Though “still very fragile” and aided by two crutches, she joined her sister and niece on a sun holiday in the south of Spain. A curious incident on the beach helped Fidel to rediscover her poetry mojo.
Back writing, Fidel along with a friend, Sally Ann Duffy decided to set up Bailieborough Creative Arts Hub to encourage people to explore their artistic side, and to give encouragement to each other. The Hub gave huge impetus to her work. It culminated in Poetry Town – the Hub’s contribution to Poetry Day Ireland celebrations last May when Bailieborough town was festooned in literary decorations, and immersed in verse. An open mic event outside the old post office gave Fidel a chance to air her work in public for the very first time.
“I was a nervous wreck,” she recalls. “I don’t look like I suffer from being nervous, everyone thinks I’m super confident - I am and I amn’t. I portray that I am, but like everyone else, I have a beating heart.”
Poetry Town also introduced her to young Dublin performance poet Lizzie Byrne. Upon reading Fidel’s work Lizzie invited her up to be a feature poet at the ‘Intercollective’ event in the International Bar, in Dublin’s Wicklow St.
For support she was joined by her “love tribe”, as she calls her friends and family.
“It was just packed - the atmosphere was electric,” she recalls of the intimate venue. “I’ll be 60 this April, and I don’t think about age usually - I really don’t, but Jesus there was a lot of young people in the room, a lot of young performers and they were really hip.”
She had to endure an age of negatively comparing her own work to a stream of young poets sharing their poems, before she took to the stage.
“I can not remember very much of what went on on that stage. I couldn’t see anything, but when I came down [compeer] Joe [Byrne] said to me: ‘You were absolutely incredible’.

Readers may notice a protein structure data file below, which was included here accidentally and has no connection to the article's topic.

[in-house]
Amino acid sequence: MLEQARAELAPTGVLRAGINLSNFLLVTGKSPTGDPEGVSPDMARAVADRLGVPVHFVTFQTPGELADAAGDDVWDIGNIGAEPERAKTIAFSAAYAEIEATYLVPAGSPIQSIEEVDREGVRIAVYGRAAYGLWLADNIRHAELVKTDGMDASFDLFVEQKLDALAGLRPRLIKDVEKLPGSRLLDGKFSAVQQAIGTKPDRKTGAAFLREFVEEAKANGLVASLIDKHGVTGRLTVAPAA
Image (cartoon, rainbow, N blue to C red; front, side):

“Ever since that I haven’t looked back,” she says. “It’s from there came the idea of the book.”
Living With Love is divided into five sections: ‘Crazy, Mad Love’, ‘Real Love’, ‘Dark and Chilling Obsessions’, ‘Sex and Lust’, and finally, ‘Death’.
“I’m really really proud of what’s in that,” she said, nodding to the collection before us.
“Poetry for me is for everyone,” she contends, adding: “Everybody should be given the chance – everyone should be given the chance to get it out there, okay if it’s not great you are going to know it’s not great, but why stop?
“I suppose that’s what mine is about – poetry is for everyone – I think it’s meant to be. I’m probably not the brightest bunny in the box, but I have life experiences that are different – completely different. I’ve lived lots of different lives at this stage.”
And each of those lives, as this collection displays, has been shared with love.
Fidel will launch Living with Love in Bailieborough Courthouse on Saturday, February 8 at 8pm. She will also sign copies at Eason Cavan on Saturday, February 8 from 11am-1pm.